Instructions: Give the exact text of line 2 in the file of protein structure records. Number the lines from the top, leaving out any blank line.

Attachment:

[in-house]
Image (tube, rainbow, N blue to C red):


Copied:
Image (tube, rainbow, N blue to C red):